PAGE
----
These men are for the later part of the War, so certainly suitable for D-Day and beyond (and therefore Arnhem of course). All wear the second-pattern Denison jacket with the half-zip, and all have the 'ape-tail' not between their legs but neatly clipped to the back of the jacket. Often this was left dangling after a jump, although it was irritating like this so would sometimes have been tucked out the way as here. Trousers could either be the standard battledress variety or the parachutist version – both had the large pocket on the left thigh (the differences being hard to detect at this scale). There is no sign of an external knife, so purists will have to see these as ordinary battledress trousers, which is fine. The boots are another example of the excellent level of delicate detail on these figures, when so many manufacturers and sculptors would have contented themselves with plain boots. The officer wears his prized beret – a surprisingly common choice of headgear even in the heat of battle - but the rest of the men wear the ordinary jump helmet with netting and pieces of scrim or camouflage. Smaller items like the short gaiters and the face veil worn around the neck are all present and well done, giving all these men the classic para look.
In terms of kit these men do well too. All are fairly fully kitted with the usual bulging pack, water bottle and entrenching tool. Webbing is complete, including the two standard ammunition pouches on the front, although in all cases these are bent and certainly do not look as if they are stuffed with ammunition clips as they should be. No one has a haversack, which is a pity, but some have what looks like the light-weight respirator pouch on the right hip. There is no sign of a bayonet on anyone either, although of course only the man on the motorcycle is actually a rifleman so perhaps they were not worn by gunners such as these. Equally no one has the toggle rope wrapped round them, which is a feature generally avoided in such sets but would still be nice to see. Lacking firearms we might have expected the gunners to have revolvers, but only the officer has one, although we could not ascertain whether they were normal issue.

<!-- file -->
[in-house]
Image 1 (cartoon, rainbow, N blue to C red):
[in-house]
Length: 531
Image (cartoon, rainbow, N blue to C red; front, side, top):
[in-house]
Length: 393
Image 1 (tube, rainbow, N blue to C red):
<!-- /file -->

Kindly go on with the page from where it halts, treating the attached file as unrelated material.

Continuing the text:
As with all recent releases from Waterloo 1815 and Italeri, the sculpting is of a very high order, with a wealth of beautifully done detail and good overall proportions. There is only a moderate amount of flash and all the poses look lifelike and natural. The arms of the biker are not as smooth a fit as we would have liked, so along with the gun the perfectionist will take a little time putting this together. However the quality of production is on a par with the Italeri set of Anti-Tank Teams, which means it is better than any of the sets of British paras that came before it.
This is a terrific little set, which while still skipping a couple of items of kit, goes further than most to accurately portray these men. The gun is hard work but a lovely model, and the accessories (and radio man) will attract a lot of interest and certainly add to the feeling of value here. Not having anyone actually using the gun is about the only disappointment here, but otherwise we really liked this product.
Note It appears that some issues of this set, possibly the more recent ones, reflect the stated contents on the box, which says there are three of the gun but only two of the sprue with the figures, so be prepared for only two of each pose shown above.